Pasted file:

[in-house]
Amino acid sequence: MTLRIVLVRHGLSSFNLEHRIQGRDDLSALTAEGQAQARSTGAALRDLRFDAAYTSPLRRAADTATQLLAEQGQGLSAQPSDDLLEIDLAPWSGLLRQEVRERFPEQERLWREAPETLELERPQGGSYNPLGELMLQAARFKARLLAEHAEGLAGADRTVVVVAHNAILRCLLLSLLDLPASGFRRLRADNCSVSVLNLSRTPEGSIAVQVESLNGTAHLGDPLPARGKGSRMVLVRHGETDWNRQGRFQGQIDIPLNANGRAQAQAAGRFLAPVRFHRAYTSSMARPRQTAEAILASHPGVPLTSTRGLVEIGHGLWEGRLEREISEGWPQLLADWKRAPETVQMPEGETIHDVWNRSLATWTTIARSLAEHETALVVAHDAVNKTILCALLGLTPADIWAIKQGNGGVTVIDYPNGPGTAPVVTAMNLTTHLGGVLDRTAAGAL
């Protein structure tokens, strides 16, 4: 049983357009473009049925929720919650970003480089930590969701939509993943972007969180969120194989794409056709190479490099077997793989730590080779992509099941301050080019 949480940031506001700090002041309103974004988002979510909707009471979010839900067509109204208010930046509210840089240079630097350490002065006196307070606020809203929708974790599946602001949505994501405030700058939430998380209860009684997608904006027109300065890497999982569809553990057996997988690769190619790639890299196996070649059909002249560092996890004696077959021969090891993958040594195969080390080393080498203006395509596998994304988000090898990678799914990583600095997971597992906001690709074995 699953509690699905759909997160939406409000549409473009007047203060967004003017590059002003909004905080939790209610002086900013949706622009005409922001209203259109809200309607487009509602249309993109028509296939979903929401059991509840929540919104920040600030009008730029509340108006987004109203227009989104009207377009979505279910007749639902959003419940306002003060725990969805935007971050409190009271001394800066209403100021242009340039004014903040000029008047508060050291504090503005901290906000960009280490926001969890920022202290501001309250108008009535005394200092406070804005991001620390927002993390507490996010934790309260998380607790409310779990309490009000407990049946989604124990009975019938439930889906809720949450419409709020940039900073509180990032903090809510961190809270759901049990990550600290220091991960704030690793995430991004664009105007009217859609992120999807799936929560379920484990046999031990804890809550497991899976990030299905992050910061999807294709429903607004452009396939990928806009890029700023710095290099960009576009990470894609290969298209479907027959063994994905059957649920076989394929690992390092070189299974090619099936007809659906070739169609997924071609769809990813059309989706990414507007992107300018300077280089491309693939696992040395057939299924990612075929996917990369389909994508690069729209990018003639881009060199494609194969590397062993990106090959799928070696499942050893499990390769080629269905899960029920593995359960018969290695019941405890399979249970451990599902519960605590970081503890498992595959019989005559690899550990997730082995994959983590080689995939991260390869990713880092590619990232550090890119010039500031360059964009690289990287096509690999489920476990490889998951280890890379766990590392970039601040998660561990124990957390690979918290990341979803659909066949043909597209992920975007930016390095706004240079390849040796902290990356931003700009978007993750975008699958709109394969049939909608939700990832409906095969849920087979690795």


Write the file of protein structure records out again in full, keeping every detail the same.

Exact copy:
[in-house]
Amino acid sequence: MTLRIVLVRHGLSSFNLEHRIQGRDDLSALTAEGQAQARSTGAALRDLRFDAAYTSPLRRAADTATQLLAEQGQGLSAQPSDDLLEIDLAPWSGLLRQEVRERFPEQERLWREAPETLELERPQGGSYNPLGELMLQAARFKARLLAEHAEGLAGADRTVVVVAHNAILRCLLLSLLDLPASGFRRLRADNCSVSVLNLSRTPEGSIAVQVESLNGTAHLGDPLPARGKGSRMVLVRHGETDWNRQGRFQGQIDIPLNANGRAQAQAAGRFLAPVRFHRAYTSSMARPRQTAEAILASHPGVPLTSTRGLVEIGHGLWEGRLEREISEGWPQLLADWKRAPETVQMPEGETIHDVWNRSLATWTTIARSLAEHETALVVAHDAVNKTILCALLGLTPADIWAIKQGNGGVTVIDYPNGPGTAPVVTAMNLTTHLGGVLDRTAAGAL
């Protein structure tokens, strides 16, 4: 049983357009473009049925929720919650970003480089930590969701939509993943972007969180969120194989794409056709190479490099077997793989730590080779992509099941301050080019 949480940031506001700090002041309103974004988002979510909707009471979010839900067509109204208010930046509210840089240079630097350490002065006196307070606020809203929708974790599946602001949505994501405030700058939430998380209860009684997608904006027109300065890497999982569809553990057996997988690769190619790639890299196996070649059909002249560092996890004696077959021969090891993958040594195969080390080393080498203006395509596998994304988000090898990678799914990583600095997971597992906001690709074995 699953509690699905759909997160939406409000549409473009007047203060967004003017590059002003909004905080939790209610002086900013949706622009005409922001209203259109809200309607487009509602249309993109028509296939979903929401059991509840929540919104920040600030009008730029509340108006987004109203227009989104009207377009979505279910007749639902959003419940306002003060725990969805935007971050409190009271001394800066209403100021242009340039004014903040000029008047508060050291504090503005901290906000960009280490926001969890920022202290501001309250108008009535005394200092406070804005991001620390927002993390507490996010934790309260998380607790409310779990309490009000407990049946989604124990009975019938439930889906809720949450419409709020940039900073509180990032903090809510961190809270759901049990990550600290220091991960704030690793995430991004664009105007009217859609992120999807799936929560379920484990046999031990804890809550497991899976990030299905992050910061999807294709429903607004452009396939990928806009890029700023710095290099960009576009990470894609290969298209479907027959063994994905059957649920076989394929690992390092070189299974090619099936007809659906070739169609997924071609769809990813059309989706990414507007992107300018300077280089491309693939696992040395057939299924990612075929996917990369389909994508690069729209990018003639881009060199494609194969590397062993990106090959799928070696499942050893499990390769080629269905899960029920593995359960018969290695019941405890399979249970451990599902519960605590970081503890498992595959019989005559690899550990997730082995994959983590080689995939991260390869990713880092590619990232550090890119010039500031360059964009690289990287096509690999489920476990490889998951280890890379766990590392970039601040998660561990124990957390690979918290990341979803659909066949043909597209992920975007930016390095706004240079390849040796902290990356931003700009978007993750975008699958709109394969049939909608939700990832409906095969849920087979690795």